Fantastic Journalism

Su The Atlantic è uscito un elenco dei 100 migliori articoli di fantastic journalism dello scorso anno. Tipo "Thanksgiving in Mongolia" di Ariel Levy: "People were alarmed when I told them where I was going, but I was pleased with myself. I liked the idea of being the kind of woman who’d go to the Gobi Desert pregnant, just as, at twenty-two, I’d liked the idea of being the kind of girl who’d go to India by herself." theatlantic.



Yooper,” one of the 150 new words appearing in Merriam-Webster's Collegiate Dictionary and the company's free online database appears on page 1454 of the printed edition of the dictionary in New York. The term refers to native or longtime residents of the Michigan’s Lake Superior region known for a distinctive manner of speaking and its Scandinavian roots. Many of the other new words and terms stem from digital life and social media; spoiler alert; hashtag; selfie and tweep, while others are food driven, including pho and turducken, a boneless chicken stuffed with a boneless duck stuffed with a boneless turkey.


Chi odia chi

Sull'Huffington Post è uscita una mappa divertente sulle rivalità e gli odi dei grandi scrittori. "Mary McCarthy and Elizabeth Bishop both disliked J.D. Salinger’s novels. “I don’t like Salinger, not at all,” McCarthy sniffed. “That last thing isn’t a novel anyway, whatever it is. I don’t like it. Not at all. It suffers from this terrible sort of metropolitan sentimentality and it’s so narcissistic. And to me, also, it seemed so false, so calculated. Combining the plain man with an absolutely megalomaniac egotism. I simply can’t stand it.” Norman Mailer disliked Salinger too, but also McCarthy . . . and Kerouac, and Gore Vidal; while Vidal had it in for Hemingway, who had it in for Faulkner, who had it in for Twain". huffingtonpost.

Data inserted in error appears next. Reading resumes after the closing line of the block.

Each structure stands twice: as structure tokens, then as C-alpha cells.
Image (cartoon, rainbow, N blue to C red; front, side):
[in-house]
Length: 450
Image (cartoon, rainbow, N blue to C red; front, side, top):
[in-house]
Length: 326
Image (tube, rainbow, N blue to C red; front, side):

Sulla felicità

"Reading books about how to be happy can be a depressing business. Part of this is because one can’t help imagining the sad souls who buy them, hoping to turn around a troubled life for $27.99 or less. Indeed, the how-to manuals are only part of a broad, obsessive and flourishing effort to pursue happiness more directly and systematically than ever before. Courses in “positive psychology” attract thousands of students at elite universities; there is even a Journal of Happiness Studies, which has touted among many startling revelations the discovery that “Positivity was associated [through survey research] with norms about ideal life satisfaction such that countries and individuals who highly valued positive emotions were more likely to display positivity.” It doesn’t take a social scientist to see that a blizzard of how-to books on “positivity” suggests its lack in everyday life. Behind the facade of smiley-faced optimism, American culture seems awash in a pervasive sadness, or at least a restless longing for a sense of fulfillment that remains just out of reach". Seguono i titoli di vari libri sulla felicità che sembrano confutare che il "positive thinking" aiuti. Jackson Lears su thenation.